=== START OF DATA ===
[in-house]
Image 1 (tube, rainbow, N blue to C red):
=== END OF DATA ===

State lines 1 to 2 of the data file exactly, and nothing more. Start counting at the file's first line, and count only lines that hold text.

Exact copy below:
[in-house]
Image 1 (tube, rainbow, N blue to C red):